Putting someone – including yourself – through college can put a major dent in your finances. But a very generous tax credit can put a big chunk of change back in your pocket.
The American Opportunity Tax Credit, or AOTC, can chop $2,500 per student off your tax bill. Even better, a pretty big portion of that is refundable – meaning if you don’t owe any taxes, you can get cash back.
There are a few hurdles to clear to qualify for this very beneficial tax credit. Make sure you pay attention to the details.
- The student has to be listed on your tax return. It has to be you or your dependent.
- You paid “qualified education expenses.” Those include fees, tuition, and required books (even if you buy them off-campus), supplies, and equipment. Room and board, along with some other more general expenses, don’t count.
- The student went to an “eligible” school. That includes colleges, universities, trade schools, and any other post-secondary school that’s eligible to participate in a federal student aid program.
- The student was enrolled at least half time in a program that leads to a degree or certificate for at least one academic period (one semester, for example) during 2016.
- The student had not completed her (or his) fourth year of school by the beginning of the tax year. This credit only covers the first four years the student is in school.
Here’s how the AOTC works for each student: The tax credit equals 100% of the first $2,000 you pay plus 25% of the next $2,000 you pay, for a total credit of $2,500. If that’s more than your total tax bill, you can get 40% – $1,000 – back in cash… the beauty of a refundable tax credit.
So if, for example, you are sending both your child and yourself to college, you get two tax credits. Here’s how that looks with numbers.
|The Student||College Expenses||Tax Credit|
Your total AOTC would be $4,000. Your credit is limited to the amount of expenses paid – $1,500. Your child’s expenses qualify for the full credit.
Like other tax credits, these phase out as MAGI (modified adjusted gross income) gets higher. For the AOTC, the credit shrinks if your MAGI hits $80,000 a year, and disappears entirely if your MAGI tops $90,000.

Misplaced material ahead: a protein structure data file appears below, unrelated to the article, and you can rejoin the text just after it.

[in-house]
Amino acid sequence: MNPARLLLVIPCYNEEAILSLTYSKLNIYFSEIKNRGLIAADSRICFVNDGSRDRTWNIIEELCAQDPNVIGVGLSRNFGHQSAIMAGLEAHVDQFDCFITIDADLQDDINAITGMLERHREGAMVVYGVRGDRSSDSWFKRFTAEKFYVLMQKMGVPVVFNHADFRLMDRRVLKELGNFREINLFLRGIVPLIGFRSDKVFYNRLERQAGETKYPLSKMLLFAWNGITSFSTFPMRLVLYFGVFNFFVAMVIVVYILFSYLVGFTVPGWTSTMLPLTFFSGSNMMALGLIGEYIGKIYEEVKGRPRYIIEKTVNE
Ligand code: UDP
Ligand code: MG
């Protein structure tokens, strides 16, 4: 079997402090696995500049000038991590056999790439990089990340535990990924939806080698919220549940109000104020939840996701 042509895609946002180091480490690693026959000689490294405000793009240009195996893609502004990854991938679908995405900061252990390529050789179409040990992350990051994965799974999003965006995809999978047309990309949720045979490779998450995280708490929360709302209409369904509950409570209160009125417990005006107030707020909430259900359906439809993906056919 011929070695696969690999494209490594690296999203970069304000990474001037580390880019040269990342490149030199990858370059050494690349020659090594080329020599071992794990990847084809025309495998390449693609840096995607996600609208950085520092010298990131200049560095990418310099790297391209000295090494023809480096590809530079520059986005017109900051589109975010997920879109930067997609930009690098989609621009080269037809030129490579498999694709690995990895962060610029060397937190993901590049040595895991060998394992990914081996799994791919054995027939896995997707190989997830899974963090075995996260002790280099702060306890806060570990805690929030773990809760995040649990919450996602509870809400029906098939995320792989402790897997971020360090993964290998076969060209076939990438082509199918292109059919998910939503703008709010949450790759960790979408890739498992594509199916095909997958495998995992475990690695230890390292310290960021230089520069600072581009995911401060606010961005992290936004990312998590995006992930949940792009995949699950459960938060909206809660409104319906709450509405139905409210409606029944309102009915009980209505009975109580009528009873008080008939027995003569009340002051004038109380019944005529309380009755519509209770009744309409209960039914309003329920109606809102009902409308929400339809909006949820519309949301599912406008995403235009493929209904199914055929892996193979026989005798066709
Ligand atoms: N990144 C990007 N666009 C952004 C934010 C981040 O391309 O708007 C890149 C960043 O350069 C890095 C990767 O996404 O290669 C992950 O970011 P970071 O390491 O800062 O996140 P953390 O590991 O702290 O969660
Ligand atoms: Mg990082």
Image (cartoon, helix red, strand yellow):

If your situation doesn’t fit the AOTC mold – the student isn’t taking enough credits, has passed the four-year maximum, or is in graduate school – you may still get a tax benefit through the Lifetime Learning Credit (LLC).
Lower your tax bill with the LLC
If your student doesn’t qualify for the AOTC, they probably still qualify for the less generous but more flexible Lifetime Learning Credit.
The LLC covers 20% of the first $10,000 of qualified tuition expenses, so up to $2,000 maximum non-refundable credit per tax return (not per student, like the AOTC.) The income phase-outs are also different; your credit shrinks at the starting MAGI of $55,000 and disappears for MAGI over $65,000.
Where this credit shines is flexibility – it covers pretty much any higher education you pay for. So if your student is in grad school, taking longer than four years to finish an undergrad degree (which is super common), or is taking classes to help maintain or improve job skills, the LLC has you covered.
To apply for either credit, the AOTC or the LLC, you’ll need to fill out IRS Form 8863. You’ll need to fill out a separate page 2 of the form for each student.
For more information on these beneficial tax credits, check out IRS Publication 970: Tax Benefits for Education.